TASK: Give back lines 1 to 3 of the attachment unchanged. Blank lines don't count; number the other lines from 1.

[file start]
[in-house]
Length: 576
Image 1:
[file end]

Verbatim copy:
[in-house]
Length: 576
Image 1: